Jump to content

Renal Failure


Guest hushpuppi
 Share

Recommended Posts

Guest hushpuppi

Just wondering how many ex racer's retired grey's suffer with CRF chronic renal failure ......

Racer's are fed a high protien red meat diet during their career , I was wondering how this would effect them later on ???? is there a higher amount of CRF in greyhounds ?????????

 

Cheers

Jenni

Australia

Link to comment
Share on other sites

Guest rumblephish

I'm not aware of this being a breed issue as such. One the causes of crossing rainbow bridge in ALL breeds is liver and kidney issues and the secondery conditions. The other thing to keep in mind is that the vast majority of greys don't spend that much time as racers - 2 years and then they are retired.

 

A related issue is bad teeth. Since as racers their teeth are pretty much ignored a successful racer who comes off the track / breeding circuit at say five probably has awful teeth. If they are not given some serious care after that it can indeed lead to kidney issues due to bacteria entering the bloodstream via the gums. I've seen greys at 2 yrs old with pretty bad teeth so I would worry about the health issues.

 

Having said all that I have a 13 yrs old female who easily raced for five years, has terrible teeth, but only has minor kidney issues (I'd be shocked if she didn't). :P

 

The short answer to your question is that all dogs have a certain predisposition to kidney issues but in my experience I have not seen or read about a statistically significant increase in the likelyhood of renal issues with greyhounds.

 

Mike

 

Just wondering how many ex racer's retired grey's suffer with CRF chronic renal failure ......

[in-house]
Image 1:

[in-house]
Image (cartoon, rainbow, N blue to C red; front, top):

Racer's are fed a high protien red meat diet during their career , I was wondering how this would effect them later on ???? is there a higher amount of CRF in greyhounds ?????????

 

Cheers

Jenni

Australia

 

Link to comment
Share on other sites

Also, many dogs (of all breeds) eat a raw diet composed (entirely or in large part) of meat, bones and organs. They aren't any more prone to kidney disease that I know of.

Link to comment
Share on other sites

Guest rumblephish
High protein diets don't cause kidney failure.

 

I know some Registered Dietians who might debate that statement. :colgate

 

That was why so many in the health field were so against the Atkins diet in humans. Lots of protien working the kidneys very hard for a long period of time and no long term clinical studies.

 

Having said all that, and in answer to the original post, I would stand by my first post that I do not believe from my experinece that this would be an issue for greys.

 

Mike

 

Link to comment
Share on other sites

High protein diets don't cause kidney failure.

 

I know some Registered Dietians who might debate that statement. :colgate

 

 

 

And I'm sure I would agree with them if we were discussing human nutrition. Human and canine dietary needs are very different.

Edited by Cynthia
Link to comment
Share on other sites

Guest hushpuppi

having lost a girl to CRF that came from out of the blue at a very young age 6 years old ...I have read study and spoke to health dieticians, vets etc AND protein indeed can cause kidney damage even renal failure red meats are very high in phosphorus as are hearts, livers etc I never knew just how delicate a balance there must be for the poor old kidneys to function even though they will function with only 25% working ..once you go below that welllll.... I never want to go through that again ...... their diets now are strictly watched they still get red meat but only every second day and it's a lamb meat...fresh raw chicken is the base for their meat with veg, pasta eggs fish etc ..So I'm paranoid about the diets for the race dogs plus my belgians it was my Belgian girl Penny pup who I lost

2074589205_e34f881df6_m.jpg

you know the funny thing is though she never had a sick day in her life and all the dogs have always been fed natural well balanced diet ...

Edited by hushpuppi
Link to comment
Share on other sites

Here was some information presented at a internal medicine CE conference regarding protein and kidney disease:

 

PROTEIN